Finding aids to the collections described below are now available through the Online Archive of California.
The photographs and other material in this collection relate to the U.S. occupation of Japan and the effects of the atom bomb on Hiroshima. Photographs of victims of the Kanto (Tokyo) earthquake of 1923 are also included. Capp was part of the U.S. occupation forces in Japan in 1945.
The records of the Commonwealth Club, a private, nonpartisan organization dedicated to the study of public affairs, concern public issues from the local to the international level. Among the records are sound recordings, minutes, correspondence, reports, and printed matter.
Dinter's diaries, correspondence, and other materials concern the life and career of this anti-Semitic writer and ideologue who was a follower of Adolf Hitler. They also relate to the Nazi and völkisch movements in Germany during the 1920s.
The television series Free to Choose, featuring Milton Friedman, dealt with laissez-faire economics. This collection of film, videotape, and textual files concerns the production of the television series.
Gilb's wide-ranging career included[?] directing the Regional Cultural (Oral) History Project at the University of California at Berkeley and serving as planning director for the city of Detroit under Mayor Coleman Young. Her papers, which include correspondence, writings, and teaching materials, relate to political science, interdisciplinary approaches to American and world history, the history of law, urban history, the history of automobile and high-technology industries, and city planning in Detroit.
These papers were assembled by Hirst, a World War II veteran who later worked in military intelligence for the U.S. Air Force, over the course of several decades of research on World War II and the cold war. The writings, correspondence, and printed matter relate to the Battle of Stalingrad, the Allied landing at Normandy on D-day, U.S. aerial operations, the Berlin Airlift of 1948–49, and other topics.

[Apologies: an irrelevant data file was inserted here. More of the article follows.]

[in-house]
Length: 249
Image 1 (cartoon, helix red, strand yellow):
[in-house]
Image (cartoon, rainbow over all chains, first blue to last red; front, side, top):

The papers of this party and government official document the administration of Abkhaziia, Georgia, as well as the Soviet Union.
As commanding officer of the technical research ship USS Liberty when it was attacked by the Israeli air and naval forces on June 8, 1967, McGonagle's papers focus on that incident and its aftermath. In addition to textual materials, numerous photographs document the destruction caused by the attack.
Two photograph albums comprise this collection. One depicts Grand Duchess Mariia Georgievna, daughter of King George I and Queen Olga of Greece and wife of Grand Duke Georgii Mikhailovich of Russia, in various European resorts from 1900 to 1904. The second shows Grand Duke Georgii Mikhailovich and other members of the Russian Imperial family on visits to the European and Caucasian fronts during World War I.
These photographs and printed matter were collected by Ratliff to document political, social, and economic conditions in the Soviet Union.
As an official photographer stationed at the headquarters of General John J. Pershing in Chaumont, France, Rode's photographs depict Pershing, scenes at his headquarters, and activities of U.S. troops elsewhere in France during World War I.
These photographs, collected by Sammis, depict the European Theater during World War II, including the German occupation of Memel, the Polish campaign, the Russo-Finnish war, the German air and rocket offensive against Great Britain, and naval warfare in the Atlantic. Other areas covered are Allied forces in combat; effects of the war on lives and property in Britain, France, Belgium, Luxembourg, and Germany; and the liberation of German concentration camps and of Allied and German prisoners of war. Also included are images of various Allied and German military and political leaders.